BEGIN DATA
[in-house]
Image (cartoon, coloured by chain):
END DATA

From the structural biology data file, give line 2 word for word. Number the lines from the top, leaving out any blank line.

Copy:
Image (cartoon, coloured by chain):